# Integrate disk mass density

• independentphysics
In summary: It looks like you're on the right track. The biggest mistake I see is that your equation starts off with ##\rho(r)## when it should be m(r), the cumulative mass. Again, I haven't worked through the problem, and am assuming that @pasmith's hint is correct.If so, all you need to do to finish is 1) evaluate ##\int h e^{-r/h}dr##, and then 2) evaluate the resulting large expression at r = 0 and r = R, subtracting the first expression (with r = 0) from the latter expression.

#### independentphysics

Homework Statement
Find cumulative mass of a disk
Relevant Equations
Exponential mass function
I want to find the cumulative mass m(r) of a mass disk. I have the mass density in terms of r, it is an exponential function:
ρ(r)=ρ0*e^(-r/h)

A double integral in polar coordinates should do, but im not sure about the solution I get.

independentphysics said:
Homework Statement: Find cumulative mass of a disk
Relevant Equations: Exponential mass function

I want to find the cumulative mass m(r) of a mass disk. I have the mass density in terms of r, it is an exponential function:
ρ(r)=ρ0*e^(-r/h)

A double integral in polar coordinates should do, but im not sure about the solution I get.
What solution do you get?

Also, what is the significance of h in your equation?

You can write an iterated integral in LaTeX like this: ##\int_{\theta = 0}^b \int_{r = 0}^a f(r, \theta)~dr~d\theta##

Mark44 said:
What solution do you get?

Also, what is the significance of h in your equation?

You can write an iterated integral in LaTeX like this: ##\int_{\theta = 0}^b \int_{r = 0}^a f(r, \theta)~dr~d\theta##
I am getting: ρ(r)=2*π*ρ0 * h^2 * [1 - e^(-r/h)]
h is a constant

Is your intermediate result $2\pi \rho_0 \int_0^R re^{-r/h}\,dr$?

pasmith said:
Is your intermediate result $2\pi \rho_0 \int_0^R re^{-r/h}\,dr$?
Yes, it is.

pasmith said:
Is your intermediate result $2\pi \rho_0 \int_0^R re^{-r/h}\,dr$?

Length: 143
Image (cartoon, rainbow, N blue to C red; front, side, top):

independentphysics said:
Yes, it is.
Assuming @pasmith's work is correct (I haven't worked the problem), the integral shown can be evaluated using integration by parts.

Mark44 said:
Assuming @pasmith's work is correct (I haven't worked the problem), the integral shown can be evaluated using integration by parts.
Yes, I am aware of it, but Im not sure about my final result.

independentphysics said:
Yes, I am aware of it, but Im not sure about my final result.
Well, why don't you show us what you got, together with your work?

Mark44 said:
Well, why don't you show us what you got, together with your work?

From $2\pi \rho_0 \int_0^R re^{-r/h}\,dr$

I evaluate this integral using integration by substitution. Let u = r/h, then du/dr = 1/h and dr = h*du. Substituting, we get:

m(r) = 2π * ρ0 * h^2 * ∫ u * e^(-u) * du

Is this correct?

independentphysics said:
From $2\pi \rho_0 \int_0^R re^{-r/h}\,dr$

I evaluate this integral using integration by substitution. Let u = r/h, then du/dr = 1/h and dr = h*du. Substituting, we get:

m(r) = 2π * ρ0 * h^2 * ∫ u * e^(-u) * du

Is this correct?
It's technically correct, but it doesn't get you any closer to evaluating the integral. To integrate ##\int re^{-r/h}dr## you need to use integration by parts, something I mentioned before.
A substitution won't be useful here.

Mark44 said:
It's technically correct, but it doesn't get you any closer to evaluating the integral. To integrate ##\int re^{-r/h}dr## you need to use integration by parts, something I mentioned before.